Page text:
Parkland Survivor Emma Gonzalez Is Winning At Least One Battle Against The NRA

Joe Raedle/Getty Images News/Getty Images

Just 10 days ago, a Marjory Stoneman Douglas High School senior went viral after calling "B.S." on the National Rifle Association for its role in keeping semi-automatic weapons legal in the United States. This Emma González Twitter update proves that the teenager, and the movement she's quickly becoming the face of, is not going away any time soon: the vocal gun control advocate only joined the social media platform this month, and she's already amassed more followers than the gun lobbying group.

González, who first went viral after giving a powerful speech at a gun rally in Fort Lauderdale, Florida, just days after the massacre, has passed the 1 million-follower mark on Twitter. The NRA has roughly 600,000 followers, and its top spokesperson, Dana Loesch, has around 800,000.

Loesch and González got into a heated debate at a CNN town hall following the Parkland shooting. The teen asked point-blank if the NRA spokeswoman thought it should be more difficult to get hold of semi-automatic and fully automatic weapons in the United States. Instead of responding directly about how accessible firearms are, Loesch blamed law enforcement for failing to properly address several red flags related to the shooter in the weeks leading up to the massacre.

A lot of people have taken notice of González's rise since her speech and CNN appearance, and view it as a sign that real change is happening and that maybe the gun debate will actually lead to more strict firearm laws this time around. The students' movement, #NeverAgain, vows to enforce real gun regulation so that there's never another mass shooting on U.S. soil.

"As of today, @Emma4Change now has more followers than the @NRA," Beau Willimon, creator of House of Cards, tweeted. "It happened in less than two weeks. This is a movement. This is the future. Change is now."

While the United States makes up about 4.4 percent of the global population, the country possesses 42 percent of the world’s civilian-owned guns, according to Vox; the research shows that areas where people have more guns see more homicides.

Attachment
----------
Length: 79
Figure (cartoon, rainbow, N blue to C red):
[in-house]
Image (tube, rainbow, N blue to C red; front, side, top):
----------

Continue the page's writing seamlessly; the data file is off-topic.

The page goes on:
America also has a higher rate of gun violence than any other developed nation: it's nearly six times the rate of gun violence in Canada, more than seven times that of Sweden, and nearly 16 times that of Germany, according to data from the United Nations compiled by The Guardian.

Since the Sandy Hook Elementary School massacre in 2012, which took the lives of 20 children between ages of 6 and 7, not much has been done at the federal level to limit the amount of guns in the United States or to restrict access to semi-automatic and fully automatic weapons. That's what González and her fellow Parkland survivors are working to change.

"They say tougher guns laws do not decrease gun violence. We call B.S.," González said during her speech.

They say that tougher gun laws do not decrease gun violence: We call B.S.! They say a good guy with a gun stops a bad guy with a gun: We call B.S.! They say guns are just tools like knives and are as dangerous as cars: We call B.S.! They say that no laws could have been able to prevent the hundreds of senseless tragedies that have occurred: We call B.S.! That us kids don't know what we're talking about, that we're too young to understand how the government works: We call B.S.!

González and her classmates are returning to school for the first time since the shooting on March 5. While classes will start up again on March 7, a full two weeks after the shooting, Parkland survivors have made it clear they won't abandon their mission and that they're just getting started.